Updated Profanity Detector Library to v0.1.5

I have recently pushed out a small update to my Profanity Detector C# / .NET Library. There are no functionality changes, but I renamed some of the functionality in the library. A central feature was the ability to add words to a ‘white-list’ if you want them excluded from the main list of profanities. With the recent Black Lives Matters protests, there has been a push to remove any language from software that could cause any racial offence.

The term white-listing and black-listing is a common idiom used in software development, but the naming could be better, such as block-lists and allow-lists. In the profanity detector library, I have renamed the ‘white-list’ feature and associated documentation to ‘Allow Lists’. Nothing has functionally changed, but if you update to the latest NuGet package, you may need to update any class name references from WhiteList to AlowList.

I have also updated the branch in GitHub that the code lived in from ‘master’ to ‘main’ as I discussed in my tutorial on branch renaming in GitHub. Thank you to all the people who use the Profanity Detector in their systems. I hope you continue to get good use from the library.

Changing your default branch name in the GitHub frontend

In this tutorial, I want to show you how to rename your master branch in Git, or GitHub specifically, to something other than master. I am going to show you how to do this with the GitHub website as not everyone likes using the command line. If you want to use the command line, then Scott Hanselman has a great tutorial on how to do that.

The idea of renaming the master branch in Git has come about after the recent Black Lives Matters protests in 2020. It is about removing any references to slavery with the terms master used as the default branch name. This tutorial isn’t here to argue whether you agree with this or not. If you don’t agree, then you can stop reading. If you do agree, then this tutorial will show you how to do the rename without using the command line, and it is straightforward to do.

First of all, load up your repository in GitHub, so you are on the main page for that repository. Then click on the ‘Branch: master’ dropdown box. 

Then in the text box type in the name of the new branch you want to use. In my case I called it ‘main’, but you can call it anything you want. When you have typed in a name, click the ‘Create branch: main from master’ button as shown in the screenshot.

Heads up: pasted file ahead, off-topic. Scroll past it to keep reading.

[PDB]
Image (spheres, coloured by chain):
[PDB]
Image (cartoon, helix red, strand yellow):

Then on your main repository page, you will see you have two active branches (or more branches if you have created feature or release branches). At this point, you have created a new branch called ‘main’ that duplicates the master branch, so it contains the entire commit history, but ‘master’ is still the default branch. 

From your main repository screen, click on the branches tab again. Next to the ‘master’ branch, there is a button that says, ‘Change default branch’. Click this button. 

This will bring up the default branch screen as you can see above. Select the newly created main branch. 

You will receive a warning; if you are happy to proceed then click the ‘I Understand’ button. If you have a build pipeline setup to build your code and run tests automatically, this will be most likely to break at this point. 

Now ‘main’ is the default branch, but the old master branch is still around as a secondary branch, but you can delete it now if you wish. You can do this by hitting the little red trash can icon next to the master branch.

Once you have done that you will only see the new ‘main’ branch. If you don’t have any automatic builds setup with something like GitHub Actions, Travis, Azure Pipelines, or your build system of choice them your new branch is good to go. You need to reclone that branch to your work machine and carry on working. In the example repository I used for this tutorial; I had a Travis build setup.

To remedy the build process, I logged into my Travis dashboard, and I had to click on the ‘More Options’ drop-down menu for a build and select ‘Trigger Build’. 

This brings up the ‘Trigger a custom build’ window. In the branch text box, type in the name of your new branch, in this case, ‘main’, and then select that branch. Then press the ‘Trigger custom build’ button, and this will change the build trigger to look for changes on the main branch. 

And, that’s it. It is a little more convoluted than using the command line, but not everyone likes using the command line, so if that’s the case these instructions should see you through.

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